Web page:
Thursday, 10 April 2014

"Grumpy Cat", "Pete the Cat" and youth depression

Grumpy Cat has become an internet sensation.  You can check out the official Grumpy Cat Facebook page here or by clicking on the Grumpy Cat image.  His Facebook page has 4.8 million likes making him one popular cat!!!  

These images are reproduced from the official Grumpy Cat Facebook page and linked back to the source.

I have long loved "Pete the Cat" and was thrilled to purchase the latest in the series, "Pete the Cat and His Magic Sunglasses."  Now Pete is not a grumpy cat, but one day he is not happy and has the blue cat blues.  With the help of his cool blue magic sunglasses, he sees things in a different way. Click on the image below to view the YouTube book trailer.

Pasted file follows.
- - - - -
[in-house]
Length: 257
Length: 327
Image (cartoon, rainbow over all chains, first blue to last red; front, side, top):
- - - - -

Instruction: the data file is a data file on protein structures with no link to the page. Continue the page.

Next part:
You can read a blog post over at Chalk Talk about the children doing a retelling of "Pete the Cat and his Magic Sunglasses", a venn diagram activity for making text-to-text connections and  how the children explored character descriptions - their art work to go with the book is just great!  I love the link to companion texts at the end of the blog post.  

Back to Grumpy Cat...Did you know her real name is Tardar Sauce?  

The YouTube clip shows how Grumpy Cat has gone from a meme to a possible Hollywood sensation, giving Garfield some competition.  
A free conversation activity using the Grumpy Cat meme and focusing on adjectives can be found here.
Did you know that there is a picture book called, "Grumpy Cat" (2008) by Britta Teckentrup?